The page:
Date of Award

12-16-2015

Degree Type

Closed Thesis

Degree Name

Master of Science (MS)

Department

Mathematics and Statistics

First Advisor

Gengsheng (Jeff) Qin

Second Advisor

Mary Cogswell

Third Advisor

Quanhe Yang

Fourth Advisor

Xin Qi

Abstract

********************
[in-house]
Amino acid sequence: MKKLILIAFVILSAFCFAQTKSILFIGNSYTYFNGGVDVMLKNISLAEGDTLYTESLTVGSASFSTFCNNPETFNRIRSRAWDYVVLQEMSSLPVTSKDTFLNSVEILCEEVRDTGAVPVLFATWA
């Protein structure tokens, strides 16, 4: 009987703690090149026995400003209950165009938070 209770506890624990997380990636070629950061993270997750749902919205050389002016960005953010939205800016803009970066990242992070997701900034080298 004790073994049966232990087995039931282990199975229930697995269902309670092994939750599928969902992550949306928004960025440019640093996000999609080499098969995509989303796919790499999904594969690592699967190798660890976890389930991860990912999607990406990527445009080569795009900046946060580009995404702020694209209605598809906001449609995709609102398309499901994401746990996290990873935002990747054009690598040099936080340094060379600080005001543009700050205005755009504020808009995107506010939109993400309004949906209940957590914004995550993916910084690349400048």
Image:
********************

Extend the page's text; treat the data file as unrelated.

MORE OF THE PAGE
Strong evidence has linked dietary sodium intake to blood pressure, but the effects of sodium intake on cardiovascular diseases (CVD) outcomes remain elusive, especially for older population. We examined the association between estimated usual sodium intake and CVD and all-cause mortality in a nationally representative sample of 4068 US adults aged 51 and older surveyed in 1988-1994. After a mean follow-up of 12.9 years from 1988 to 2006, 1680 participants died: 734 from CVD; 392 from ischemic heart disease (IHD); and 144 from stroke. In the Cox proportional models adjusted for sociodemographic variables and CVD risk factors, sodium intake was not significantly associated with all-cause, CVD, IHD and stroke mortality. No significant interactions were observed between sodium intake and sex, race/ethnicity, hypertension status, body mass index or physical activity for any of the outcomes studied. However, among Mexican-Americans sodium intake was significantly and linearly associated with CVD mortality.

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